Keywords and Keyword Research

What Is Keyword Research?

Keyword research is the process of uncovering and analyzing the search terms, i.e., keywords, that users type into the search engines. The goal is to learn more about user queries, their intent, popularity, and ranking difficulty. 

Doing keyword research is the precursor to creating high-quality content that ranks. It is one of the pillars of search engine optimization (SEO), and the first step of every content strategy.

How to Choose Keywords?

It’s not enough to just pick your keywords at random by going after the ones that seem the most valuable at first glance. The keywords you choose need to be relevant to your business while striking a balance between high search volume and keyword difficulty.


Suffice it to say you won’t get far if Google can’t make the connection between what you’re claiming to do and what you’re actually doing. The keywords you’re researching need to be logically connected to your business.

A good way to begin the keyword research is brainstorming a couple of topics relevant to what you do. Using any kind of software tool is unnecessary at this stage of keyword research. Figure out several generic topic categories that you’d like to populate with content.

Once you have an idea about what kind of topic categories you’d like to cover, you can start looking up keywords that are relevant to those topics.

Search Volume

Search volume is the measure of how much a given keyword is searched for on a monthly basis. It shows whether there’s sufficient demand for a certain keyword or not.

Good content supplies a demand — if there’s low or no demand for a given keyword, you won’t get much traffic out of it. Keywords with low search volume are going to be easy to compete for, but it’s ultimately not going to be worth the effort.

Keyword Difficulty

Keyword difficulty measures how high the competition is for a keyword. The higher the difficulty, the less likely you are to successfully rank for that search term.

It would be prudent to avoid keywords that are too difficult to rank for. If there’s too much competition for a specific term, it’s highly unlikely that a new website will be able to rank for it. Even well-established websites will have a hard time competing for high-difficulty keywords, so it’s best to avoid them altogether.

Perfect Balance

The key to choosing the right keywords for the website is to strike the perfect balance between relevance, search volume, and keyword difficulty.

Find a keyword with a search volume that will bring sufficient, high-quality traffic, but without too much competition.

Head Terms and Long-Tail Keywords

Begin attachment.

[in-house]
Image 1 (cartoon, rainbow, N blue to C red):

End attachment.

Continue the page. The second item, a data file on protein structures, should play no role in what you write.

It’s important to differentiate head terms from long-tail keywords in order to formulate a successful content strategy. Head terms are more generic keywords that usually consist of three or fewer words. They’re terms that represent broader topics that are oftentimes too general.

Head terms are often frequently searched keywords, making them incredibly difficult to compete for. However, they’re excellent long-term goals that every business needs. Sooner or later, your website might come on top and beat the competition using generic head terms.

Having a long-term plan is all well and good, but every business needs quick wins too. That’s where long-tail keywords come into play. They’re more specific keywords (often longer than three words) that drive high-quality traffic to the website. They’re often easier to compete for than head terms and bring results far sooner than they do.

A combination of head terms and long-tail keywords is an excellent game plan for most types of websites.

User Intent

In the last couple of years, we’ve seen a shift from traditional keyword research to user-oriented one. In other words, keyword research is no longer about simply finding the right keywords and spreading them throughout the web page.

The focus is now on user intent, that is, solving for what you assume the user wanted to achieve when they typed their query into search engines. What this means is that keywords are no longer used without context — understanding user intent matters more than ever.

Typing similar queries into your search engine might reveal more about user intent in case you aren’t sure what it is the user wanted. Seeing the results can help you pinpoint the right content strategy for your audience.

Formulating a Content Strategy

When you have all the keywords at your disposal, it’s time to use them to create a well-informed content strategy.

Plan how much content you’d like to have, whether you’re going to use more keywords in a single article or spread them across several web pages, and figure out what the main topics are.

Once you have your first batch of ready-to-use keywords, competitive keyword analyses will reveal additional topics and entities to cover.

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